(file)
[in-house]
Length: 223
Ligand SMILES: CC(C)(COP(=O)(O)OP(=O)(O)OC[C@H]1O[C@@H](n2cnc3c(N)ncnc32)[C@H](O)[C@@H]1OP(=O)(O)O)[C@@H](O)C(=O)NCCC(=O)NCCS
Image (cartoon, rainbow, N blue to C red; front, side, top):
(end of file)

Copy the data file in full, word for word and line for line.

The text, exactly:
[in-house]
Length: 223
Ligand SMILES: CC(C)(COP(=O)(O)OP(=O)(O)OC[C@H]1O[C@@H](n2cnc3c(N)ncnc32)[C@H](O)[C@@H]1OP(=O)(O)O)[C@@H](O)C(=O)NCCC(=O)NCCS
Image (cartoon, rainbow, N blue to C red; front, side, top):